Science and history are one thing, legends and myths are quite another.

oralloy wrote:

InfraBlue wrote:
Approximately 14 percent of Ashkenazi Zionists demonstrate Y chromosome DNA haplotypes that are thought to have originated in the Middle East.

As I said, they are the indigenous population of the West Bank.


Those haplotypes originate from the Middle East in general, not the West Bank in particular, and 14 percent is only a fraction of the total Ashkenazi Zionist population. The idea that the Zionists are the indigenous population of the West Bank having a 14 percent genetic origin in the Middle East in general is preposterous.
RABEL222
 
  2  
Reply Fri 12 Aug, 2016 04:21 pm
@Finn dAbuzz,
Dont you ever get tired of the anti-Semite attempt to overcome fact? Prove me wrong or shut up.
cicerone imposter
 
  1  
Reply Fri 12 Aug, 2016 04:54 pm
@InfraBlue,
Quote:
The existence of a Hebrew deity is one thing, the existence of an Israelite people is another thing. It isn't clear to whom those records refer to exactly seeing as how the accompanying illustrations depict Canaanites.


That's what I found also.
CVeigh
 
  1  
Reply Sun 14 Aug, 2016 12:27 am
@RABEL222,
Soooo, that has no standing unless you first give allegiance to the Bible yourself. Now what kind of person would do that and then surrender interpretation to a stranger. This makes the central teaching authority of the Catholic Church more credible.

AND : Why believe everyone who says I am a Christian. Really
0 Replies
 
catbeasy
 
  1  
Reply Fri 19 Aug, 2016 06:46 pm
@oralloy,
Quote:
The Zionists are the same group of people. They just want to return to their indigenous home.


Here here!
-Yours Truly -
Sitting Bull
0 Replies
 
Finn dAbuzz
 
  2  
Reply Sat 20 Aug, 2016 09:30 am
@RABEL222,
RABEL222 wrote:

Dont you ever get tired of the anti-Semite attempt to overcome fact? Prove me wrong or shut up.


You can prove they refuse to talk about non-Jewish victims? You made the statement I would say it's up to you to prove it.

I also wrote that your statement read anti-Semetic. If that hits too close to home for you, it's not my problem.
oralloy
 
  -1  
Reply Sun 21 Aug, 2016 01:20 am
@Glennn,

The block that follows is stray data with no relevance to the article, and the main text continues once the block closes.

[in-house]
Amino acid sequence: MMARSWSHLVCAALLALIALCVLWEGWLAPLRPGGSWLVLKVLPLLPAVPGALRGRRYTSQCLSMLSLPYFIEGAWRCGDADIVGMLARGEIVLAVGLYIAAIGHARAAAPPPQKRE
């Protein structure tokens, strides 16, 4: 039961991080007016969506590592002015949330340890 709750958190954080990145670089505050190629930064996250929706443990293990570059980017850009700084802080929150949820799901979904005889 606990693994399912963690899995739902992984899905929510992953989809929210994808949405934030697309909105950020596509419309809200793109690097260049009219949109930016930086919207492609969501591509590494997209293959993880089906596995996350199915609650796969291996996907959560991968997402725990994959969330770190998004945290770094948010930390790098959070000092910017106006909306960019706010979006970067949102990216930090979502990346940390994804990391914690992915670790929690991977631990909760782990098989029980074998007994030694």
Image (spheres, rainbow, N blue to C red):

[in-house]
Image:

Glennn wrote:
I think we both know that the reason you won't describe the details of Operation Agatha has nothing to do with being too busy playing games and watching sports.

Hallucinate whatever you like. The fact remains, the Palestinians refused to make peace and now Israel gets to keep the land.
oralloy
 
  -1  
Reply Sun 21 Aug, 2016 01:22 am
@cicerone imposter,
cicerone imposter wrote:
I wonder what kind of excuse he gave when he flunked a test. Too busy watching sports.....

You forget your place. I wasn't the one who was flunking tests.
0 Replies
 
oralloy
 
  -1  
Reply Sun 21 Aug, 2016 01:24 am
@InfraBlue,
InfraBlue wrote:
The existence of a Hebrew deity is one thing, the existence of an Israelite people is another thing.

Yes, two different things. One is dated to 1400 BC and the other is dated to 1200 BC.


InfraBlue wrote:
It isn't clear to whom those records refer to exactly seeing as how the accompanying illustrations depict Canaanites.

Since the Israelites were one of the Iron Age kingdoms that rose from the ashes after Bronze Age Canaan collapsed, why wouldn't they be depicted as Canaanites, especially in their first moments as a separate culture?


InfraBlue wrote:
The dietary practices of Jews is one thing, the existence of an Israelite people is another thing.

Not separate things. Archaeologists have found evidence of the Israelite culture in the West Bank area circa 1200 BC (exactly the time that Egyptian records note their emergence as a culture in this area).


InfraBlue wrote:
There have been found absences of pig bones in Aramaean sites as well as in Palestine during these times.

So their neighbors had some of the same cultural practices. That is not surprising considering that these Iron Age kingdoms all rose from the remains of Bronze Age Canaan.


InfraBlue wrote:
Actually, the artifacts refer to kings and leaders of certain family lines not Israel and the nature of these rulers in regard to who or what they ruled over isn't clear from these artifacts

The House of David refers to the ruling line of Judah. Ahab the Israelite was a king of the northern Israelite kingdom.


InfraBlue wrote:
and actually tend to contradict the legends and mythologies found in the Bible.

Welcome to history and archaeology. Eighteen Rabbit's claims of absolute victory every time he returned from battle are suspect as well.

When kings promote national histories that aren't true, that doesn't prevent historians and archaeologists from piecing together the truth.


InfraBlue wrote:
There is more evidence for Judah than there is for Israel, or Israelites which is the point I am arguing, during these times.

There are the ninth and eighth century BC remains of Samaria. And Kings Omri and Ahab garnered a fair amount of international notice.


InfraBlue wrote:
The Assyrians record the defeat of the king of Israel, not the destruction of a kingdom.

The existence of a king for them to defeat suggests the existence of a kingdom.


InfraBlue wrote:
Science and history are one thing, legends and myths are quite another.

Science and history firmly establish that the Hebrew deity existed as early as 1400 BC, that the Israelite culture existed in the West Bank area as early as 1200 BC, and that the Israelite kingdoms of Judah and Israel existed in the ninth through seventh centuries BC.


InfraBlue wrote:
Those haplotypes originate from the Middle East in general, not the West Bank in particular,

We know from history and archaeology exactly where the Jewish homeland is.